Study finds money does the talking in S.C. races

The South Carolina Statehouse

COLUMBIA - South Carolina legislative races are among the least competitive in the nation, according to a study that looked at the role money and incumbency plays in elections.

The analysis by the National Institute on Money in State Politics concluded that incumbents with lots of cash were virtually unbeatable in the 2011 and 2012 elections. Furthermore, Georgia and South Carolina had the lowest percentage of contested legislative seats in general elections.

The analysis didn't examine the 2014 elections, but the majority of South Carolina's elected officials returned to office last November. The only Statehouse incumbents who didn't retain their seats didn't seek re-election, except for two who were defeated by party rivals in the primary election.

Incumbents have "huge war chests" that can often make them "impregnable," said David Woodard, a political science professor at Clemson University. The best time to beat an incumbent is during a primary election when different voters go to the polls than in general elections, he added.

"A lot of these people if they're challenged in a primary, then they really have a hard time, because sometimes the electorate that votes on primary day just isn't sympathetic," Woodard said. "It's really easy to target incumbents in a primary if they're unpopular."

Two Republican incumbents, Don Bowen, of Anderson County, and Tracy Edge, of Horry County, lost in the primary last year in which the winner faced no opponent in the general election. Rep. Jonathon Hill, R-Townville, replaced Bowen, while Rep. Greg Duckworth, R-North Myrtle Beach, replaced Edge.

It's ironic how few incumbents are challenged in South Carolina, when polls show voters have little faith in elected bodies as a whole, said Kendra Stewart, a political science professor at the College of Charleston.

"Part of it is people still thinking their (congressional representative) or their legislator is doing a good job, even if the body overall is not," Stewart said. "But part of it, too, is the way the people in power have created a system that encourages their re-election."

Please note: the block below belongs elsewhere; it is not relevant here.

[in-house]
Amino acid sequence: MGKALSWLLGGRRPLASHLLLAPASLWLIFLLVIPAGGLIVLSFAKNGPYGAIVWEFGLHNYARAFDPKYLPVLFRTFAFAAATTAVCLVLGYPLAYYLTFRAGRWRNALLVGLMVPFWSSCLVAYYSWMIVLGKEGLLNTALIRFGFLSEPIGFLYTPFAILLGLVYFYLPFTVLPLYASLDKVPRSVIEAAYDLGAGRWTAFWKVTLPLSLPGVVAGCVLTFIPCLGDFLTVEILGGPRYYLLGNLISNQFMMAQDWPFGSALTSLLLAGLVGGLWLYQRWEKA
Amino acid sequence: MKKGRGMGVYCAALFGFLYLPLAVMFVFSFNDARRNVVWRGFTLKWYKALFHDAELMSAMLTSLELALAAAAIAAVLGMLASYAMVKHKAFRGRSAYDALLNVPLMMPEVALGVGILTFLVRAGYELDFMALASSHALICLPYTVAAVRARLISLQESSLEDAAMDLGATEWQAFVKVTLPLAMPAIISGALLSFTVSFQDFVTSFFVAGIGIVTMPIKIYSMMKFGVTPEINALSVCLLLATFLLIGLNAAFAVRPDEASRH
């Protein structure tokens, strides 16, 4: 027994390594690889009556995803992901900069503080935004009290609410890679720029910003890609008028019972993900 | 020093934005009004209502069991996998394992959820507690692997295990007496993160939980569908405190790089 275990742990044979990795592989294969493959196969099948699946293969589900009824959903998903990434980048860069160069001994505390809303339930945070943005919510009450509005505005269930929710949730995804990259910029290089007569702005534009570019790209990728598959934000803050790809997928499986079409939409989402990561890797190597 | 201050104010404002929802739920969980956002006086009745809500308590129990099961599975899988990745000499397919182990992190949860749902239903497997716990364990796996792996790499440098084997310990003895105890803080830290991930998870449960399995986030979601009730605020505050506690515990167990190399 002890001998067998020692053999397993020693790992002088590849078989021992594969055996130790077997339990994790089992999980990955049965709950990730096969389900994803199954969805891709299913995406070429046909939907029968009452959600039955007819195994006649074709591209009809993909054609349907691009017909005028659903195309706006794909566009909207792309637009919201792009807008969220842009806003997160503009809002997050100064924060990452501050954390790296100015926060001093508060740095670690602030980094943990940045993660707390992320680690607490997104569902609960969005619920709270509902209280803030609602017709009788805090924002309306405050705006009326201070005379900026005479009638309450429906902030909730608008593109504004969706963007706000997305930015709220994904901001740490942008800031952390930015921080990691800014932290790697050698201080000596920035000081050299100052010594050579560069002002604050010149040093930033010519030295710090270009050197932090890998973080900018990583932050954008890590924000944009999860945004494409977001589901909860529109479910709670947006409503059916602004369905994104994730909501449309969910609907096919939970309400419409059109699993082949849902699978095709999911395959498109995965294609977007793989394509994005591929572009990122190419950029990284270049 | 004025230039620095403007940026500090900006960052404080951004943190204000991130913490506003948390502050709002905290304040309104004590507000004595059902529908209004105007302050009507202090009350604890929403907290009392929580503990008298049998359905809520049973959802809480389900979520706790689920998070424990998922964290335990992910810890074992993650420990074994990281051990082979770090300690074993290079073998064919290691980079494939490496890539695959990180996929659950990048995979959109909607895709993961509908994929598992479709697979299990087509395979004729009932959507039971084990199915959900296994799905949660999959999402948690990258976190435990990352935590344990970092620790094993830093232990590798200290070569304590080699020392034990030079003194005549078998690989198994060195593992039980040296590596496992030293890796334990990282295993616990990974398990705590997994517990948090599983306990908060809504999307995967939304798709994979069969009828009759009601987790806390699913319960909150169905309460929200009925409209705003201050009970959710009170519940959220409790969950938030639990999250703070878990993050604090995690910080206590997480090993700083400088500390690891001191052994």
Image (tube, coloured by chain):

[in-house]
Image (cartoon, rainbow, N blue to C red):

Stewart said lawmakers have redrawn districts to give their party an advantage with registered voters, and incumbents have fundraising advantages in addition to having high name recognition.

Most people vote for someone because they recognize their name, even if they don't know his or her voting record, Stewart said. And in South Carolina, incumbents with an "R" after their name, are much more likely to get re-elected.

Charleston saw some of that during the 2014 elections, when former House Speaker Bobby Harrell received 39 percent of the vote despite being disqualified after pleading guilty to misusing his campaign account for personal benefit less than two weeks before Election Day.

There are several reasons Harrell got those votes: people may not have been aware he wasn't eligible since his name was still on the ballot; Republicans voting a straight party ticket; and supporters undeterred by his having resigned and unwilling to vote for a Democrat.

As a Democrat in a heavily Republican district, his successor, Rep. Mary Tinkler, D-Charleston, is one incumbent who will not have the usual advantages if she runs for re-election in 2016, Woodard said.

"I would be surprised if she can prevail against a Republican," he added. "In this state they look at the party ID."

A different analysis by the institute looked at term limits and how that affected who was elected. While term limits opened up seats and encouraged first-time candidates to run for office, they also often created musical chairs in which term-limited incumbents used their name recognition and cash to change offices.

Another downside is that lobbyists end up with more power and writing more legislation, said Gibbs Knotts, political science professor at the College of Charleston.

Rookie lawmakers often turn to lobbyists to educate them. That's OK, as long as everyone is equally represented, Knotts said. But most of the time in American politics, money and business interests typically have better representation.

There is some value to having experienced lawmakers who understand the complexities of the South Carolina or U.S. government, Knotts said. But it also means that they can get comfortable in their seat once elected.

"Term limits aren't good or bad," Knotts said. "You just got to know that they may not solve the problem and that there's going to be some unintended consequences, as well."